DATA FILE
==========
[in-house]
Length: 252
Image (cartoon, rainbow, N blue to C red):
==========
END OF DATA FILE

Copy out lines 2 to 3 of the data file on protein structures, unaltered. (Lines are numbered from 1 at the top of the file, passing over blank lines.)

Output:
Length: 252
Image (cartoon, rainbow, N blue to C red):